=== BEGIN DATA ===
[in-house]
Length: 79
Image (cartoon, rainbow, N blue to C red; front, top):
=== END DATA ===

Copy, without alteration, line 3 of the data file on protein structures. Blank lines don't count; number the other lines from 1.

Image (cartoon, rainbow, N blue to C red; front, top):